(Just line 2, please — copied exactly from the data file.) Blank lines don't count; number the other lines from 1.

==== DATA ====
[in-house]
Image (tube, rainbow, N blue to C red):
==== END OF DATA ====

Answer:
Image (tube, rainbow, N blue to C red):